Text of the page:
Cable and Satellite Set-top Boxes: According to a 2007 study from CEA, these devices use approximately 130 kWh per year.  Moreover, ENERGY STAR data suggests that there is a range of energy use among qualified models.  In addition, there appears to be an appropriate method to determine energy consumption for these products, specifically, the ENERGY STAR program test procedure. 
Despite the energy use of these products, the variation in energy use among models, and the existence of a test procedure, Motorola argued that energy disclosures for set-top boxes would provide little benefit to consumers. Specifically, Motorola stated that consumers generally do not purchase set-top boxes at retail.  Instead, consumers usually lease these products from their service provider (e.g., cable operator), and do not have the opportunity to comparison shop for different models. CEA additionally stated that service providers often install software in these devices that can change the product’s energy consumption, which could complicateefforts to provide consumers with accurate information.
Given the issues raised by Motorola and CEA, the Commission does not propose requiring energy labeling or disclosures for set-top boxes at this time. The Commission, however, seeks further comment on this issue. Although consumers do not purchase set-top boxes at retail, they may comparison shop for different cable or satellite service providers. If these providers were to disclose the energy use of the boxes they lease as part of their service, consumers could theoretically use this information in deciding which service provider to choose. The Commission, therefore, requests comment on whether such disclosures would, in fact, be likely to assist consumers in their purchasing decisions. If so, the Commission also seeks comment on how energy use information should be disclosed to consumers (e.g., on service providers’ websites). Disclosures for these products are challenging because consumers are unlikely to see labels on set-top boxes and the record contains no information about how consumers shop for cable or satellite service providers (e.g., online, by telephone, etc.). The Commission also seeks comment on whether the range of energy use among models is significant, whether disclosure of comparability ranges would be useful to consumers, whether there should be one range for all set-top boxes, and whether there is comprehensive industry data on which to base such ranges. Finally, the Commission seeks comment on whether the ENERGY STAR test procedure for set-top boxes is an appropriate method of calculating energy consumption. Would this procedure yield an accurate estimate of annual energy consumption if third parties later install software in the boxes?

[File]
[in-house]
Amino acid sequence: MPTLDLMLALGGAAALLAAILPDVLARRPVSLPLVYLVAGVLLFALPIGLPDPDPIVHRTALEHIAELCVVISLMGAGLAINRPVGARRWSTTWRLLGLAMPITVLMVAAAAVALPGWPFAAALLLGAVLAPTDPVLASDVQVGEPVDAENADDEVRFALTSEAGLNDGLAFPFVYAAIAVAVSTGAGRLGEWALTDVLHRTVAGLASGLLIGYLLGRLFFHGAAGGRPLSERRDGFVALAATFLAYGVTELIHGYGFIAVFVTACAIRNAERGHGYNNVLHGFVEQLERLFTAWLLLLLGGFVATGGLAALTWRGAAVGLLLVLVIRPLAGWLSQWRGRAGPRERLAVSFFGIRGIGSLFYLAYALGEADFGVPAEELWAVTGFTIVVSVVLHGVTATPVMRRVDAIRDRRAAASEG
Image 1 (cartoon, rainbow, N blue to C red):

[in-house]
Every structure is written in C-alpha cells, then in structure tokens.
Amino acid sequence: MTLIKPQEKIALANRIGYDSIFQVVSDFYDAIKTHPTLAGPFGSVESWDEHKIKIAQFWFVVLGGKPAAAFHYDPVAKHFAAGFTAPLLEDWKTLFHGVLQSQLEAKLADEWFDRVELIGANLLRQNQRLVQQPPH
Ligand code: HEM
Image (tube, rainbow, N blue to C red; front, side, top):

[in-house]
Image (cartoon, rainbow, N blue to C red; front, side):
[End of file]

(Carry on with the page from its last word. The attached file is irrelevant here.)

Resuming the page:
Stand-alone Digital Video Recorder (DVR) Boxes: According to CEA’s 2007 study, these products use approximately 237 kWh per year.  CEA states, however, that there currently is no test procedure to measure energy consumption for these products.  CEA noted that it was working on test procedures through the industry standards development process.
Given the apparent lack of an appropriate test procedure, the Commission does not propose labeling at this time. The Commission, however, requests further comment on whether an industry test procedure has been completed or whether other procedures, such as the ENERGY STAR set-top box procedure, are appropriate for measuring the energy use of all stand-alone DVRs. The Commission also seeks comment on whether there are estimates of typical consumer use of these products, which could be used to calculate annual energy consumption. In addition, the Commission seeks comment on whether there are significant differences in energy consumption between competing DVR models. This information could affect whether disclosures are likely to be useful to consumers and whether disclosure of comparability ranges would be appropriate. If the Commission were to require disclosure of comparability ranges, should there be one range for all DVR models? Is there comprehensive industry data on which to base such ranges? Finally, to evaluate how energy disclosures might be presented, the Commission requests comment on how consumers typically shop for these products. For example, if DVRs are displayed in retail stores out of the box, energy information could be provided on either a label or hangtag attached to the product. If DVRs are not displayed in that way, energy information might be provided on a label attached to the box.